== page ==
Chain of Responsibility Design Pattern in Java

The Chain of Responsibility design Pattern is one of the Behavioural design patterns of JAVA. As the name suggests, this pattern creates a chain of elements that pass on responsibility when called for in code. This design pattern is mainly used to reduce coupling in a code.

Definition

By definition, the Chain of Responsibility design pattern creates a chain of receiver objects. When a client request interacts with the program, the request is countered by these objects. The chain moves forward when one object is not able to serve it. Each object in the chain contains a reference to the next object in the chain. Coupling between objects is reduced significantly as an object only needs to know its link in front and back of the chain. Other properties of the chain can work independently.

Example and Code

A common example of this design pattern is the JAVA Servlet Filter. When a HTTP request is sent, several filters try to process the request.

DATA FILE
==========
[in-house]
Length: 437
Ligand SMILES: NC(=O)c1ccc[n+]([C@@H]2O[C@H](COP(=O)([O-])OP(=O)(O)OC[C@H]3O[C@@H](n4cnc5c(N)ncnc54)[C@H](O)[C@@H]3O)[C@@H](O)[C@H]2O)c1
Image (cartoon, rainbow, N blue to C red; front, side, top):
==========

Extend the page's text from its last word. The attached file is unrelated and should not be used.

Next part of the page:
public class ServeletFilter implements Filter {     //JAVA has a defined filter class that is extended here
public void process( ServletRequest req, ServeletResponse res, FilterChain chain)
chain.process(req, res);
}
}

/* This is a general class. Inside this class any request can be formulated and processed along the responsibility chain*/

When to use the Chain of Responsibility design Pattern

There are four situations where this pattern is used.

  • This pattern is preferred when a program is required to decouple the sender and receiver of a request.
  • When there are several objects in your code that have the resources of handling a particular request.
  • If a request is not object specific, the chain of responsibility will determine which object will ultimately process the request.
  • If a handler is not specified explicitly in the request, this pattern comes in handy.

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